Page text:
New Malaysia Rule on Islamic Conversion

Kuala Lumpur, Malaysia - Malaysia will soon require non-Muslims to inform their family before converting to Islam, a move welcomed Friday by minority religious groups who said it will help ease ethnic and interfaith tensions.

The planned rule is aimed at preventing the kind of religious disputes that have frequently erupted in this multireligious country after the death of ethnic Chinese or Indian converts. In many cases families were unaware of the conversions, and were angered when Islamic authorities seized the bodies for Muslim burial.

Prime Minister Abdullah Ahmad Badawi announced after meeting Islamic authorities Thursday that the government wanted to avoid such controversies.

"If people want to convert, there is nothing wrong, why must they hide?" he was quoted as saying by The Star daily.

Anger over religious discrimination, including the destruction of Hindu temples by the state, partly led to the ruling National Front coalition's heavy losses in last month's general elections.

Abdullah said Muslim converts would have to produce documents stating they had told their family members. He didn't say when the new rule will come into force.

"We do not want the religious department saying the deceased was a Muslim but the family members disputing it because he or she converted on the quiet," Abdullah was quoted by the national news agency Bernama as saying.

Abdullah's aides could not immediately be reached Friday.

Minority religious groups cautiously welcomed the announcement.

"It's a move in the right direction," said A. Vaithilingam, president of the Malaysian Consultative Council of Buddhism, Christianity, Hinduism, Sikhism and Taoism. But he expressed caution about the policy before knowing "the real details."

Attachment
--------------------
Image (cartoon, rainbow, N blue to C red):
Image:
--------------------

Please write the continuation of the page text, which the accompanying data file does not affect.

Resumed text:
Islam is Malaysia's official religion, but non-Muslims _ mostly ethnic Chinese and Indians _ make up 40 percent of the population and generally practice their religions freely. However, non-Muslims have often complained that Islamic authorities refuse to look at interfaith disputes with compassion while flaunting their powers over minorities.

Vaithilingam also said the new requirement won't address other issues, such as conversions out of Islam, which are rarely granted, and the dual system of Shariah law and secular courts for civil matters.

In interfaith disputes involving Muslims, the Islamic Shariah courts often get the last word, which has infuriated non-Muslims who say they do not get fair justice in those courts.

The new move is apparently aimed at showing the minorities that the government cares about them even though large numbers of Chinese and Indians voted against it in the March 8 elections.

The historic polls returned Abdullah's National Front coalition to power but with a greatly reduced majority. It lost 82 of 222 parliamentary seats and five of 13 states in its worst showing since independence in 1957.